Alternatives to consumerism
In a consumer culture, even rebellion can be co-opted, branded, and packaged for consumption (note the commercial enterprises aimed at the teenage market—which position themselves as alternative, anti-establishment, or edgy). Opting out of participation in consumer culture altogether is not necessarily a productive alternative. Attempts at self-sufficiency might result in an inability to meet basic health or nutrition needs, in addition to social ostracism.
The appropriation or defacing of the signifiers of consumer advertising may have a subversive effect in calling attention to the underlying manipulation of our wants and needs. Apart from this “wake up call,” however, culture jamming does not provide an alternative to consumption per se, although if you derive a sense of purpose from irony or activism, it could work for you.
This Buddhist notion suggests that deriving purpose from meaningful work would fulfill the human need for approval and acceptance, and thus you would be immune to advertising’s siren song to acquiring goods to fulfill this need.
Recognizing that it is impossible to free oneself totally from consumer culture, some advocate “voting with your dollars,” that is, consuming products one believes are made by socially responsible company. (Although, again, a corporation can purchase this image.) Right consumption is still consumption, and does not necessarily deal with the underlying causes of consumerism.
Conscious efforts to underconsume—that is, to define what is enough.
A combination of penny pinching and DIY approaches to living, whether intended in the spirit of engagement with a traditional agrarian lifestyle, cultural rebellion (a punk esthetic), or perhaps economic necessity (punk squats).
Engagement with Community
One sympton of consumer culture is that life events, such as weddings and births become consumer events— where a baby shower replaces the community or family function of actually helping out with baby, and wedding gifts stand in for community support for the marriage. Intentional communities, whether communes or cohousing, are an attempt to create engaged communities on a small-scale. In many areas, churches and mosques form the locus of community participation among members of a particular religious faith.
E2 nodes on specific instances of consumerism and anti-consumerism
“How Consumerism Affects Society, the Economy, and the Environment.” Overcoming Consumerism. <http://www.verdant.net/society.htm> (26 January 2005)
Barker, Elliot and Brian Jones. “Consumerism: What is it?” Psychopathology and Consumerism. <http://www.bconnex.net/~cspcc/psychopathy/consume.htm> (14 June 2002)
Cronk, Rip. “Consumerism and the New Capitalism.” Art on the Rebound - A Collection of Essays on Art and Culture.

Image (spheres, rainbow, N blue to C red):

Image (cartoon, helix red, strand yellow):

<http://www.westland.net/venice/art/cronk/consumer.htm>(26 January 2005)
de Souza, Raymond J. “John Paul II and the Problem of Consumerism.” Religion and Liberty. September/October 1999.
<http://www.acton.org/publicat/randl/article.php?id=321> (26 January 2005)
Dominguez, Joe and Vicki Robin. Your Money or Your Life: transforming your relationship with money and achieving financial independence. New York : Viking, 1992.
Heath, Joseph. “The Structure of Hip Consumerism.” Philosophy and Social Criticism. Vol. 27, No. 16. November 2001.
Heath, Joseph and Andrew Potter “The Rebel Sell.” This Magazine. November 2002. <http://www.thismagazine.ca/issues/2002/11/rebelsell.php> (3 August 2006)
Hymel, Kent. “Advertising and the Rise of Consumer Culture.” 7 February 2000. <http://www.lclark.edu/~ria/Essay.html> (26 January 2005)
Jones, Ken. “Consumerism and the Way Out of Consumerism.” Public talk. Tokyo, Japan. 3 May 1997. <http://www.bpf.org/tsangha/jonesconsumer.html> Buddhist Peace Fellowship Papers and Viewpoints. (8 April 2003).
Lopez, Barry. “Looking in a Deeper Lair: A Tribute to Wallace Stegner.” 27 April 1995. Reprinted at Earth Island Journal. Fall 1995. <http://www.earthisland.org/EIJOURNAL/new_articles.cfm?articleID=730&journalID=70> (11 June 2002)
Mason, Bill. “The Myth of Consumerism.” Personal Web site. <http://www.cs.ucr.edu/~wmason/myth.html>(3 April 2002)
Twitchell, James. “In Praise of Consumerism.” Reason August 2000 v32 i4
Watts, Jonathan. “The First Noble Truth (Dukkha): The Spiritual Roots and Delusion of Consumer Culture.” Buddhist Peace Fellowhip Papers and Viewpoints < http://www.bpf.org/tsangha/watts1.html> (8 April 2003); see also <http://www.inebnetwork.org/thinksangha/tsangha/watts1.html> (13 June 2012)